The club reopened July 27.
“The comments by the membership and guests of the club have been incredibly complimentary,” Straka said. “If they enjoy the course now, they will fall in love with it as it matures over the next few years.”
Ten holes were rebuilt or rerouted, and the remaining eight holes and the practice facility were renovated. In addition, 2,000 feet of Army Corps of Engineers jurisdictional stream were restored on two holes, adding to the environmental benefits of the renovated golf course.
A number of challenging factors required consideration as Straka drew up plans for the redesign. The course is landlocked by surrounding development roads, freeways and an abandoned Missouri Department of Transportation site. It also is bisected by a small river, which courses through a deep ravine. As the golf course originally was built in the 1920s, the property on which it is situated is quite small. Over the past few years, a resurgence in commercial development along the course’s southeastern boundary began. Municipal decisions, such as a new freeway exit, a new bridge spanning the river and a new access road, directly impacted the golf course, taking out a portion of three holes. Consequently, all of the back nine holes had to be redesigned and some holes completely relocated in order to keep the overall yardage. The rebuilt holes feature significantly-improved drainage, irrigation, turf-growing conditions, aesthetics and playability.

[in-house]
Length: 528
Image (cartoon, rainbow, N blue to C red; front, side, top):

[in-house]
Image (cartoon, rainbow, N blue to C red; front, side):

The new golf holes are a bit wider and more playable than the old holes, yet shots into the greens can be demanding. The course now ranges from 4,702 yards from the forward tees to 6,527 yards from the back tees. State-of-the art construction led to more disease- and drought-tolerant greens, which now drain well and can withstand the transition zone’s heat and summer stresses while still providing excellent playing conditions. Stilling pools were created throughout the streams to control sedimentation, and hundreds of native riparian plants were installed along the streams.